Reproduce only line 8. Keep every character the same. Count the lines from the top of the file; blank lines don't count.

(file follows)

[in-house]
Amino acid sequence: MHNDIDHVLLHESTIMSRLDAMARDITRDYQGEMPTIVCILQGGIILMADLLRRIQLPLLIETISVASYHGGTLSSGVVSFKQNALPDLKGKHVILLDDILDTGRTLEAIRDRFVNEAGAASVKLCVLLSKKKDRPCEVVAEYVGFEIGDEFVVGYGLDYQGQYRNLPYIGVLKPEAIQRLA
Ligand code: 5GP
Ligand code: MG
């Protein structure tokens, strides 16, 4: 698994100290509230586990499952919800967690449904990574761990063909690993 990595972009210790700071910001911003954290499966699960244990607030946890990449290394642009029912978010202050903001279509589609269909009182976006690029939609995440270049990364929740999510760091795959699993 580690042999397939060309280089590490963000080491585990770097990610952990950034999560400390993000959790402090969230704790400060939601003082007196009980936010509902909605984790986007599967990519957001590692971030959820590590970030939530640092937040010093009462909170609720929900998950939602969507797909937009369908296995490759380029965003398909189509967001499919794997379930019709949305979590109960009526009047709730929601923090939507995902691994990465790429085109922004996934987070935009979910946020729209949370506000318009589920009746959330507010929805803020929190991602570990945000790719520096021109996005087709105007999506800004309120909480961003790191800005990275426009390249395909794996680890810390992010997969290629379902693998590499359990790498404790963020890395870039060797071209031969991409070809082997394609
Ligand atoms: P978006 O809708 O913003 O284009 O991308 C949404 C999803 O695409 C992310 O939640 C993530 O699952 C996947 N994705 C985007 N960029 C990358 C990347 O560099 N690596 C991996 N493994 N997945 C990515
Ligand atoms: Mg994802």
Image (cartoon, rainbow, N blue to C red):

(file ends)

Image (cartoon, rainbow, N blue to C red):